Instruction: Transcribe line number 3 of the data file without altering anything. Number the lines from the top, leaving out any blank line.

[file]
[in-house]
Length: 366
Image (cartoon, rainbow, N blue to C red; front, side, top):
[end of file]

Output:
Image (cartoon, rainbow, N blue to C red; front, side, top):